Unfortunately, Karel had a cold and needed to rest, so I went off exploring on my own. I found myself in an enchanted landscape of thousand-year-old churches, terraced orchards, and stone houses, all linked by steps and cobbled pathways leading everywhere. In most places the paths wended between stone fences and bedrock or retaining walls, which formed the foundations of the buildings. Sometimes the earth behind the walls had been tunneled out to form a storage space, and I’d come across an unexpected doorway or window; in other places rooms or connecting paths were built right over the pathway, supported by arches. It was hard to tell where the houses ended and the mountain began.
I’ve worked in skyscrapers. I’ve lived in the mountains and in a hilly city. Step into an elevator, and it will deliver you to any floor of the skyscraper, its own flat, little kingdom. The mountain homes and hilly city are laid over the surface, and cars will flatten the traveling for you, while you enjoy the pretty scenery. Most of us live in a perceptual environment of two dimensions. Our addresses and errands can be expressed in longitude and latitude, as coordinates connected by lines in an X, Y plane. Just take a look at the green lines and black place markers on the maps at the top of each of our blogs, tracking our movements around the world. The villages of the Amalfi Coast are different. They are married to the mountains in a way that makes the vertical axis a significant feature of your experience.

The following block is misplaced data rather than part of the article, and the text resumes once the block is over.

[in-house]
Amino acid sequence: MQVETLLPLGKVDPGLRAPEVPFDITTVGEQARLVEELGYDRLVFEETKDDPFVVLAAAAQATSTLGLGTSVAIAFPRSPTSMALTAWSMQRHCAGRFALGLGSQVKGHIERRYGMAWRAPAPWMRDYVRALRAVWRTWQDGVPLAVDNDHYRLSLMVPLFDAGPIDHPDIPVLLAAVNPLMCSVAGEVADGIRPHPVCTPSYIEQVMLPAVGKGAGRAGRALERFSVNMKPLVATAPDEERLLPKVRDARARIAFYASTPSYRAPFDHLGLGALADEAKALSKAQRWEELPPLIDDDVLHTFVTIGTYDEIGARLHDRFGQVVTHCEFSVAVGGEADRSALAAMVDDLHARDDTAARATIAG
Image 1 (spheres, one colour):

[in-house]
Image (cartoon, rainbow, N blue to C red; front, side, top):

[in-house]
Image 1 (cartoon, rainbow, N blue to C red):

In my wanderings, I came across a landscape in miniature. Someone created an entire settlement of farms, shops, and mills, connected by cliffside trails —complete with safety lines— and populated with an assortment of figurines. I found more of these make-believe villages when I walked down to the town of Amalfi. It seems to be a common hobby here.